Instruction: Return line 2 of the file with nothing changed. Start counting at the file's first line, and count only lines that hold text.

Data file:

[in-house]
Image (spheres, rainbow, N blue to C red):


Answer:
Image (spheres, rainbow, N blue to C red):